– UKIP will reinstate the primary purpose rule for bringing foreign spouses and children to the UK.
– UKIP will not offer an amnesty for illegal immigrants or those gaining British passports through fraud.
– UKIP will return to the principles of the UN Convention of Refugees which serves to protect the most vulnerable.
"U.S. Sen. Ted Cruz’s announcement that he is running for the Republican presidential nomination is great news for Democrats: He will push the other Republican hopefuls to the right on immigration, further scaring away Hispanic voters and making it more difficult for Republicans to win next year’s elections."
Immigration Article of the Day: 'Impossible Families': Mixed‐Citizenship Status Couples and the Law by Jane Lilly López
'Impossible Families': Mixed‐Citizenship Status Couples and the Law by Jane Lilly López, University of California, San Diego (UCSD) January-April 2015 Law & Policy, Vol. 37, Issue 1-2, pp. 93-118, 2015
Abstract: This article explores the complex and contradictory relationship between citizenship in the law and the immigrant reality of mixed‐citizenship family life through in‐depth interviews with individuals in mixed‐citizenship marriages. An examination of mixed‐citizenship marriage exposes the inadequacies of approaching citizenship as an individual‐centered concept. The data indicate that, though both immigration and citizenship laws focus on the individual, the repercussions of those laws have family‐level effects. Because of their spouses' immigrant status, many citizens are obliged by the law to live the immigrant experience in their own country or to become immigrants themselves.
Thursday, April 2, 2015
Immigration Reform 2015: What Menendez Corruption Charges Mean For National Debate On Immigrant Rights
Cristina Silva of the International Business Times analyzes the impacts of the indictment of an ardent supporter of immigration reform on the prospects for immigration reform. For decades, U.S. Sen. Robert Menendez, D-N.J., has been a national advocate for Latinos and immigrants, holding their hands at immigration reform rallies and pushing for legislation in Congress to expand their legal rights. But with Menendez now facing federal corruption charges, Latino groups fear that their tireless champion will have to turn his attention to his own problems, leaving them without a voice in Washington.
This Migration Information Source Spotlight looks at women immigrants in the United States. Following a history of majority male migration through the mid-20th century, women have migrated to the United States in large numbers as a result of the emphasis on family reunification ushered in by the 1965 Immigration Act. Female immigrants represent 51 percent of the overall foreign-born population, with 21.2 million immigrant women residing in the United States in 2013, out of a total immigrant population of 41.3 million. The female share of the immigrant population is higher in the United States than it is globally, where about 48 percent of the international migrant stock is female. Even as female migration has increased globally since 1980, the share in the United States—the world’s top immigrant destination—has decreased slightly from 53 percent in 1980 to around 51 percent in 2013.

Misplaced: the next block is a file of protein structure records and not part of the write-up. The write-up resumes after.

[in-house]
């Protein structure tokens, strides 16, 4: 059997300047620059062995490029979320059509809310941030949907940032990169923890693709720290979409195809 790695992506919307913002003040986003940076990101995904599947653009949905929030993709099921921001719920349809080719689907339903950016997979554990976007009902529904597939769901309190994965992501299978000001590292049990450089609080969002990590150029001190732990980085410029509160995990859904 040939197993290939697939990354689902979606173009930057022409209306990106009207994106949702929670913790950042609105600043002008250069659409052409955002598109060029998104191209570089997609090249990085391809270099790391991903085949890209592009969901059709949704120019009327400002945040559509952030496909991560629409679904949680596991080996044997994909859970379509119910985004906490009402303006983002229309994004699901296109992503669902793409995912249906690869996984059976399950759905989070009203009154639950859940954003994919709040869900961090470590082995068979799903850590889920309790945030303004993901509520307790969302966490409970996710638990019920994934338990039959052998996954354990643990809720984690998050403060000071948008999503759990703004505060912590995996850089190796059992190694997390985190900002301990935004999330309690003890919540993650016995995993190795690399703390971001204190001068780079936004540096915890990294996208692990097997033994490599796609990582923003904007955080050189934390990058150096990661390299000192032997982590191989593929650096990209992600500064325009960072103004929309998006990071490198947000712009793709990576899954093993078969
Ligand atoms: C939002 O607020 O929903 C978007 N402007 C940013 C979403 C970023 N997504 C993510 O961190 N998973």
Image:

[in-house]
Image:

As of 2013, 49 percent (10.5 million) of all immigrant women were naturalized U.S. citizens. (Photo: McBeth/Flickr)
David Noriega at Buzzfeed reports that immigration lawyers pressured H&R Block, the tax preparation giant, to shut down a pilot program to help immigrants file forms with the U.S. government. The program, which was limited to Texas and aimed at the Latino community there, gave immigrant customers access to specialized software that would help them with applications for green cards, deferred action, and other immigration-related matters.
State and federal laws strictly limit who can provide legal advice to immigrants, however, and the American Immigration Lawyers Association (AILA) said H&R Block’s program ran afoul of those restrictions and would have put immigrant consumers at risk of harm, because they could wind up filing inaccurate information or applying for programs they weren’t eligible for.